Books by Lorie Ann Grover

Books by Lorie Ann Grover
Kirkus Starred Review, Firstborn: "A fantasy that reads like a lost history tome and deftly examines issues of gender...An engrossing story with welcome depths."

Wednesday, July 8, 2009

What a Girl Wants: Who can write what?

Over at Chasing Ray, Colleen has posted a controversial subject: can an author write about a race, culture, or lifestyle not his/her own? The answers were varied. Much! But I wasn't totally alone. Catch the full discussion at Chasing Ray. And here's my entry.

Lorie Ann Grover: I do believe writers and publishers are bringing to the market a variety of story. With broad foreign rights sales, we are privy to an even wider range of storytellers in our country. To further unlock the untold, I believe we need to encourage writers of all walks to write their own stories well. At readergirlz we are constantly looking for unique voices to resonate in the field. What satisfaction to offer Rita Williams Garcia's No Laughter Here and discuss female circumcision and then Laura Resau's Red Glass and debate illegal immigration.

Authors can write of cultures and lifestyles beyond their experience, or we'd have no sci-fi fantasy, right? The challenge is to be faithful in full research and revelation. Red Glass is an excellent example of Laura Resau bringing to light a culture not her own. I also think of Laurie Halse Anderson's Chains, and Patricia McCormick's Sold. Why would we ever inhibit storytellers who have a burden to share truth, even if the story doesn't spring from their own immediate life experience?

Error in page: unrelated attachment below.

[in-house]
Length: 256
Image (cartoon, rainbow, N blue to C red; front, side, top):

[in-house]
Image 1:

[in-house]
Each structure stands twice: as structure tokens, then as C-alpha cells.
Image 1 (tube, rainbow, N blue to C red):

Concerning publishers, initially, maybe the books aren't placed as quickly because of sales concern. In truth, there might not be broad sales at first as the experiences are foreign to American teens. Hopefully though, the books are published, purchased, and read, with connections made through shared desires and emotions. Is it the library market that feeds the groundswell until the books can crossover to the stores, maybe? I have to believe there are dedicated middle grade and YA editors out there who will bring these stories to light for the love of truth, regardless of questionable sales. I'm hoping to place one now myself!

As to characters resonating through my life from different places than my own, I have to say: Djo from Frances Temple's Taste of Salt, Liesel from Markus Zusak's The Book Thief, Junior from Sherman Alexie's The Absolutely True Diary of a Part-Time Indian, or how about Devon Hope from Nikki Grimes' Bronx Masquerade? My list could go on and on. These are characters who wanted the very same things I do and just happened to be reaching for them in a different place. Their courage empowers me. There are so many examples, and for that, I am thankful.


dirtywhitecandy said...

So often we hear the mantra 'write what you know'. But people who say this don't understand how the writer's imagination works. Writers write what they are interested in, fascinated by, what seems to say something wider about humanity and the human condition. They find a way to inhabit it to make it real to others.

Lorie Ann Grover said...

Absolutely! What we know is emotional response and reaction and desire. These are shared by all men. And then the story can take any form. Thanks!